A few years ago, Sonic
I love this type of analysis, because it points out an inescapable truth of multi-unit operations: You deposit cash, not percentages, in the bank. The franchisees were investing more in labor and customer service. That resulted in higher sales, which in turn led to greater cash earnings. Company-owned stores, meanwhile, were focused on hitting target percentages. The lesson was clear: Take care of the customer, and sales growth will more than compensate for a minor drop in margin percentages. Loyal Motley Fool readers have heard this refrain from me before, in articles complimenting big-box retailers like Target
Sonic's third-quarter results, released last night, suggest that its focus on customers and sales growth continues to pay off. Quarterly revenues rose by 15%, operating income moved up at the same rate, and net income grew by 19% -- this despite a 100-basis-point increase in store operating expenses. General and administrative (G&A) and occupancy leverage made up the slack. Also notable is that this quarter was pitted against an unusual $800,000 real estate gain a year ago. Excluding that item, Sonic would have reported net income growth north of 20%.
The company was particularly forthright in its earnings call, noting a cloud or two on the horizon. Sonic seems to have locked in future beef prices with a supplier that has reneged on the deal, so cost of goods could be under a little pressure in the upcoming months. Sonic also benefited from favorable health expenses that are not expected to recur in the next quarter.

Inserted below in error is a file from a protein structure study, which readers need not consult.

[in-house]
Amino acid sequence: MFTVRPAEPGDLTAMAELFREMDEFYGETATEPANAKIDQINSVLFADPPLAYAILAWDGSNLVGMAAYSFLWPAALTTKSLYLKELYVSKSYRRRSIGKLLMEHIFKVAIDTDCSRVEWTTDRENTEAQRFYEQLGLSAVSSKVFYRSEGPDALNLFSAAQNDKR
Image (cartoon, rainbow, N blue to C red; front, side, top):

But there's a lot of favorable news as well. Comparable-store sales were up 5.5% for the quarter, continuing the strong trend from last year. The company is on track to open about 175 stores this year. And Sonic is also having particular success growing sales during specific parts of the day and will continue to build on that advantage with a "summer nights" promotion.
Average unit volumes have surpassed the $1 million mark, as measured over the past four quarters. Sonic says the throughput capacity (the rate at which a system produces money) of its stores is well over $1.5 million, with some stores doing in excess of $2 million annually. That leaves a lot of room for comparable-store growth in addition to the new-store program. The company has a solid pipeline of franchise development agreements in hand, and let's not forget its strong record of positive cash flow in recent quarters. Sonic is using some of that cash flow to buy back from franchisees; the rest is going to share repurchases.
The stock is trading off by about 2.5%, and I'm not sure why. Analysts continued their focus on margin percentages, and the company countered by stating that it's driving sales growth and cash profits in favor of margins. The slip could also be due to the beef contract issue or a general worry over mad-cow disease and the beef supply -- although it's worth noting that McDonald's
Whatever the short-term reason, it's my opinion that readers consider any pullback in the shares as a buying opportunity. And there's no doubt that Sonic is a solid growth company with a nicely differentiated offering in a crowded quick-service restaurant environment.
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Fool contributor Timothy M. Otte indulges his wife and teenage daughter regularly by going to Sonic. He welcomes comments on his articles but doesn't own the stock of any company mentioned in this article.